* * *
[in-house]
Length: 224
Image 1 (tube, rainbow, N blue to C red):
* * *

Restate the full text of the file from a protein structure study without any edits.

[in-house]
Length: 224
Image 1 (tube, rainbow, N blue to C red):